The federal government has the right approach by revising existing rules rather than starting unnecessary new programs
Government can help ease the retirement-savings problem by making retirement plans more accessible to employers than they are today. That’s already happening at the federal level.
The U.S. Department of Labor just established a rule, which went into effect on Sept. 30, that allows unrelated employers, particularly small employers, to offer joint 401(k) plans. Indeed, unrelated employers in the same or similar business can band together no matter where they are located throughout the United States. Heretofore, none of this was permitted.
That’s encouraging for employers that on their own would shy away from offering a 401(k) plan for employees but may find it manageable when joining forces with other employers. Wisconsin’s Office of State Treasurer told the Badger Institute that the federal rule change is encouraging but cautions that more may be needed to solve the problem.
There is indeed more on the horizon. A bill is working its way through Congress — already passed by the House on a 419-3 vote — that would permit, among other things, more part-time workers to participate in 401(k) plans and further liberalize the rules for multiple employers to set up such plans. The lopsidedness of the House vote bodes well for its passage by the Senate before the end of the year.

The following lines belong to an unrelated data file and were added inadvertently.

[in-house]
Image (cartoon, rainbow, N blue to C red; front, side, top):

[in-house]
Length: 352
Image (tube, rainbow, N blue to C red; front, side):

In this case, the federal government has the right approach: Revise existing rules to make it easier for employers to provide a retirement plan for their employees rather than order a new government plan that needlessly overlays what the private sector already offers.
Jay Miller of Whitefish Bay is tax attorney and a visiting fellow at the Badger Institute.
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